The U.S. Air Force is under growing pressure to build fewer of its next fighter, the F-35. The air force has been ordered to reexamine the future needs for F-35s during the current Quadrennial Defense Review (QDR). This is a planning exercise that takes into account all the nations military and civil resources as applied to a list of potential opponents and in wars that could break out in the next decade. This analysis is used to determine what weapons will be needed in the future. The QDR also has to take into account the "guidance" from the president and Congress. The air force believes that a more optimistic (about world peace) government will provide guidance that indicates a need for fewer F-35s (currently the air force plans to buy 1,763.)
Another problem is that many people, including some generals in the air force, believe that its next generation fighter will not have a pilot on board. Many air force generals admit that the F-35 is probably the last manned fighter. But some believe that the F-35 will be facing stiff competition from pilotless fighters before F-35 production is scheduled to end in 2034.
UAV (unmanned aerial vehicles) are not particularly popular with many U.S. Air Force leaders, but that is not the case in many other countries. Air force generals around the world see the unpiloted jet fighter as a way to break the monopoly the U.S. Air Force has had on air supremacy for the last sixty years. Most Americans don't even think of this long domination of the air, but potential enemies of the United States are well aware of it, and that domination has a profound effect on how those nations do their military planning. In effect, if you think about going to war with the United States, you take for granted that American aircraft will control the skies above. Robotic jet fighters could change that. And this is forcing American air force generals to confront a very unsavory prospect; a sixth generation fighter that is flown by software, not a pilot.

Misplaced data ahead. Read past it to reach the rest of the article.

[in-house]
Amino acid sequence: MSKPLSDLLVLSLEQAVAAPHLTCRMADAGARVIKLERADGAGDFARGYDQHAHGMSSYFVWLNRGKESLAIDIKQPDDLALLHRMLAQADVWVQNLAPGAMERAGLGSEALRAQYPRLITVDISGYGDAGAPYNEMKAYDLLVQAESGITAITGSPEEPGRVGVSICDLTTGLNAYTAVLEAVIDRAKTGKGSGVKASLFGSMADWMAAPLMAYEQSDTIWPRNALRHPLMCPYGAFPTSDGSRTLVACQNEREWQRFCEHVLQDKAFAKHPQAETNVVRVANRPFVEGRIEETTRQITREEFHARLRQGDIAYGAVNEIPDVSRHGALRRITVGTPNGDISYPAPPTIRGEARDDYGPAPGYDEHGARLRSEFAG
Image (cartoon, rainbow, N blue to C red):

It's not just that most of the those American air force generals began their careers as fighter pilots. No, the reason is more practical. American air superiority has largely been the result of superior pilots. The U.S. didn't always have the best aircraft, but they always had the most talented and resourceful pilots. And that's what gave the U.S. its edge. Will that translate to software piloted fighters? Research to date seems to indicate it will.
Meanwhile, simulations, using fighter flown by software, versus those flown by humans, have been used for over two decades. The "software pilots" have gotten better, and better. Moreover, a fighter without a pilot is more maneuverable (because some maneuvers are too stressful on the human body.) UAV fighters can be smaller, cheaper, stealthier and more expendable. But the key to software pilots is the development of superior tactics, and artificial intelligence (AI) that is more capable than anything your opponent can come up with.
The U.S. Air Force, and several other air forces, have already created fighter pilot software, and now the United States, and Russia, are creating pilotless fighters. Many air force generals are convinced that the pilotless fighters will perform as well for real, as they have in the simulations. So convinced are U.S. Air Force generals, that they are seriously considering a sixth generation fighter that will not carry a human pilot. Otherwise, enemy pilotless fighters would have an edge over the U.S. sixth generation aircraft.
The potential superiority of U.S. pilotless fighters is partly driven by the fact that most American fighter pilots are geeks. Many can create software, and have a deep understanding of the many computers, and their software, that modern aircraft contain. It's the fighter pilots who will play a key role in creating the best "software pilots." Thus the thinking is that American control of the air will be maintained by a new generation combat aircraft controlled by software, not someone in a cockpit.